Our #MomentsOfJoy in 2022

December 16, 2022

This difficult year wasn’t without its highlights. We compiled #MomentsOfJoy from 2022, as selected by the Asylum Seekers Centre community.


Our first Family Day

In July, we hosted our first Family Day, which has quickly become one of the most popular events on the ASC calendar. These bi-monthly gatherings provide families with nappies and other baby essentials, while serving lunch and bringing kids together to play. That last point particularly resonates with our community:

“My daughter is not starting daycare or playgroup. It’s only me and her. If there is a family day like this, I like to bring her out so she can play with other kids,” one attendee says.


The story of Abdoulie ‘Busta’ Asim

Abdoulie ‘Busta’ Asim came to Australia with the Gambia team for the 2018 Commonwealth Games and stayed, claiming refugee status due to feared religious persecution. Busta then came to Sydney, where he initially lived under a bridge in Parramatta for several days before moving into a homeless shelter and seeking help from the Asylum Seekers Centre.

Four years later, Busta has finally been granted his refugee visa and welcomed a child. Buster is an incredible role model for us all, and we couldn’t be happier for the joy that comes his way.


Our first Job Fair

In October, we hosted our first ever Job Fair. More than 100 people seeking asylum went shopping for jobs and training opportunities. While 16 employers and training providers attended the event and provided information for job-seekers about the roles they are recruiting for and how to get training and support. We also confirmed new partner employers including Harris Farm.

The Fair was the cherry on the cake of this year’s employment program, where we acquired 131 job placements, exceeding the 2021 total of 129, and held 447 hub appointments.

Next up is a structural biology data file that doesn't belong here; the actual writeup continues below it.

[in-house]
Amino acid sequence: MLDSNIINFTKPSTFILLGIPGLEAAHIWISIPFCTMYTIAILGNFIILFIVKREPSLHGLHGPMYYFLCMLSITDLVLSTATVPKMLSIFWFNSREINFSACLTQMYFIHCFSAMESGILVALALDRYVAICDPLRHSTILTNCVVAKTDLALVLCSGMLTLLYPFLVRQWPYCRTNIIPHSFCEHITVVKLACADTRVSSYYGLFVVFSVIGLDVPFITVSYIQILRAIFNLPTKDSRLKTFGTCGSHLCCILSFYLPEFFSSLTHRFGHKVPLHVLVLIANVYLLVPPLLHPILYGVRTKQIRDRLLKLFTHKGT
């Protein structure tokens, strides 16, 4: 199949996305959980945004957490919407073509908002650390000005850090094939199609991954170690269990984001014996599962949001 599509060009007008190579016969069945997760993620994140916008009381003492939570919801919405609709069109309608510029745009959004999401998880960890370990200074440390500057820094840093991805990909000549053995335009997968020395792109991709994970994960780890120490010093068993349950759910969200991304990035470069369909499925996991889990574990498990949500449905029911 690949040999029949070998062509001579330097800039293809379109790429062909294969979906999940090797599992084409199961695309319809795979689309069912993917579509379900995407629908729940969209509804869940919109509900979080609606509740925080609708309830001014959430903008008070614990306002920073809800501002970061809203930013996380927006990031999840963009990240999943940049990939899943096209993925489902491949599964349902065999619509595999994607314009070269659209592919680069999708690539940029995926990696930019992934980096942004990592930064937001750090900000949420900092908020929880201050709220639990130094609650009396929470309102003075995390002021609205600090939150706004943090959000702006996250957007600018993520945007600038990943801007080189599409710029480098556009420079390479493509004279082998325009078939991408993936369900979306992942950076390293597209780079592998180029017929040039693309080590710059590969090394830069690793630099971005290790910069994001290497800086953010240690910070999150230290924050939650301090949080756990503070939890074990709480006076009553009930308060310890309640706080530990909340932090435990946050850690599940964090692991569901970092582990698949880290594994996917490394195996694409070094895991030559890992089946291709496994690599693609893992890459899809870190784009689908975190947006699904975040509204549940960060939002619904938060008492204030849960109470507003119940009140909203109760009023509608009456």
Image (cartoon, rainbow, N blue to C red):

Rural Australians doing their bit

We’re celebrating our friends from Rural Australians for Refugees. In particular, our dear friends at RAR Bellingen and Nambucca who achieved $17,000 in 2022, a record amount of fundraising. The group held events, including a recent classical concert at Mylestom Hall where they raised $5,000. They’re powerful advocates in their community, holding market stalls every week and advocating loudly for people seeking asylum.



In April, we partnered with Football NSW for a 10-week soccer training program for kids in our community. The program taught football skills to kids ages 4 to 12, but more importantly, connected families and created social networks. Romy, from our Community Engagement team, spoke about the program:

“On the last day we had a ceremony where we made up certificates for each participant. They all got a bag with a soccer ball, a water bottle, some soccer playing cards. And they were just so excited to receive their certificate and just the bright smiles on their faces… And their parents – they were so proud of them. It was just such an amazing moment, seeing what it meant to the whole family and for the kids to be able to participate in something like that.”


The Return of our Volunteer Week celebrations

National Volunteer Week (NVW) is an annual celebration acknowledging the generous contribution of volunteers to our community. This year, it had even more significance, representing a big return to the centre for much of our community following Covid-19 restrictions.

It was a wonderful celebration of the fantastic contribution that our 400+ volunteer community makes to the lives of people seeking asylum.


RAP launch

In November, we were honoured to welcome traditional custodian and artist Nadeena Dixon to launch our Reflect Reconciliation Action Plan. As we provide support and ‘welcome’ to people seeking asylum arriving in Australia, we do so in a deep acknowledgement and recognition of First Nations people as the Traditional Custodians of the lands in which people seeking asylum seek safety.

The launch of our Reflect RAP was an important step forward in our journey to reconciliation as an organisation and as individuals.


An important ministerial visit

For the first time in a decade, a sitting Minister for Immigration visited the Asylum Seekers Centre this year. Shortly after the federal election, Andrew Giles came to ASC headquarters in Newtown to hear stories of people seeking asylum and meet members of our community.

A few months later, at the Kaldor Centre for International Refugee Law Conference in November, members of our advocacy group again posed questions and shared stories with the Minister.

A man, Minister Andrew Giles, sits at a table and speaks to a group of people who are supported by the Asylum Seekers Centre

November 2022 newsletter: Find out Australians’ views on poverty and people seeking asylum December 2022 newsletter: our Moments of Joy from 2022